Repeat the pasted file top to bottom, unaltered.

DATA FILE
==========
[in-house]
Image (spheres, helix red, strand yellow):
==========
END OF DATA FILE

[in-house]
Image (spheres, helix red, strand yellow):